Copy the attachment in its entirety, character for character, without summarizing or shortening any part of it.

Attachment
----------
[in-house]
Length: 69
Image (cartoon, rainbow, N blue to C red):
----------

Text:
[in-house]
Length: 69
Image (cartoon, rainbow, N blue to C red):